TAIPEI, ($1=27.74 Taiwan New Dollar) – The Ministry of Defense of the Republic of China [ROC] or Taiwan reports increased Chinese activity of Chinese aircraft in its southwestern airspace, learned BulgarianMilitary.com, citing a statement from the Taiwanese military.
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On December 22, an electronic warfare aircraft [Y-8 EB], a reconnaissance aircraft [Y-8 ELINT], and two J-16 fighters of the Chinese People’s Liberation Army Air Force approached the dangerously permissible air border with Taiwan’s southwestern airspace.
In response, Taiwan blew up its fighters, launched warning radios to withdraw Chinese planes, and put them on alert by deploying its air defense system. These actions are described in the Taiwanese military’s briefing on the December 22 incident.
Just four days earlier, on December 19, the action was repeated in the same area of Taiwan’s southwestern airspace, but this time China was sending only a Y-8 RECCE reconnaissance aircraft.
In both incidents, Chinese planes provoked dangerously close Taiwanese counterparts, after which they took action to withdraw and return to their airbase. However, it is clear from the published communiqués of the Taiwanese military that China provokes every day by sending either reconnaissance or electronic warplanes near Taiwanese airspace and always in one area – the southwest.
BulgariaMilitary.com reminds you that in October, China flew a record number of aircraft near Taiwanese airspace throughout the month, with 38 military aircraft in just one day [October 2].
Taipei has repeatedly stated that China is preparing for an invasion of Taiwan and can achieve its goals through military force in just one month.
“By 2025, China will be fully prepared for a full-scale invasion of Taiwan,” the Taiwanese Defense Minister Qiu Guojian told lawmakers as he considered an $ 8.6 billion military budget. He noted: “Now he has such opportunities, but it will not be easy for him to start a war, as he will have to take into account many other factors.” The official said the current situation in the Taiwan Strait is the tensest in 40 years.
China and Taiwan: What’s Happening Now?
China regards Taiwan as a breakaway province and is committed to reclaiming it. However, many Taiwanese want to live in a separate state. The dispute makes the situation in the region tense, there is a threat of a conflict in which the United States may also take part.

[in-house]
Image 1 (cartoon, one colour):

After decades of hostility and aggressive rhetoric, relations between China and Taiwan began to improve in the 1980s.
China has put forward a formula known as “one country, two systems”, according to which Taiwan will be given significant autonomy if it agrees to reunite with mainland China. The offer was rejected, but Taiwan has simplified the rules for visiting and investing in China. He also declared the end of the war with the People’s Republic of China in 1991.
There were also limited negotiations between unofficial representatives of both sides. China’s position that the power of the Republic of China is illegitimate hinders contacts between governments.
In 2000, Beijing was concerned about the election of President Chen Shui-bian in Taiwan, who openly supported the island’s independence. Chen Shui-bian was re-elected in 2004, prompting China in 2005 to pass the so-called anti-secession law, which spoke of the PRC’s right to use “non-peaceful means” against Taiwan if it tries to secede from China.
In 2008, Ma Ying-jeou was elected president on the island. He sought to improve relations with China, mainly through economic agreements. In the January 2016 elections, Tsai Ing-wen defeated Kuomintang candidate Eric Chu.
Ms. Tsai leads the Democratic Progressive Party [DPP], which is leaning towards independence from China.
After Donald Trump won the 2016 U.S. election, Tsai Ing-wen spoke to him on the phone. This conversation ran counter to American policy established in 1979 when official relations between the United States and Taiwan ended.
Throughout 2018, China stepped up pressure on international companies to list Taiwan as part of China on their websites and threatened to ban them from doing business in China if they did not. In November, Cai Ing-wen’s political party was defeated in regional elections in what Beijing saw as a blow to its separatist stance.
How problematic is Taiwan’s independence?
Although political progress has been slow, ties between the two peoples and economies have increased dramatically. Taiwanese companies have invested about $ 60 billion in China, and about a million Taiwanese now live there, working in Taiwanese factories.
Some Taiwanese are concerned that their economy is now dependent on China. Others point out that closer business ties make military action by China less likely due to possible losses to the Chinese economy.
A controversial trade agreement between the countries led to the rise of the Sunflower movement in 2014 when students and activists took over the Taiwanese parliament to protest what they described as China’s growing influence over Taiwan.
Officially, the Democratic Progressive Party (DPP) is in favor of Taiwan’s independence, while the Kuomintang is in favor of the possibility of unification.
Opinion polls show that only a small proportion of Taiwanese now support one opinion or the other, with the majority preferring to maintain the current state.
However, more and more people say they feel like Taiwanese and not Chinese. DPP support increased in the January 2016 elections. This was partly attributed to dissatisfaction with the Kuomintang’s economic policies, from the gap between rich and poor to high housing prices, and partly because of fears that Ma Ying-jeou’s administration had made Taiwan too dependent on Beijing.
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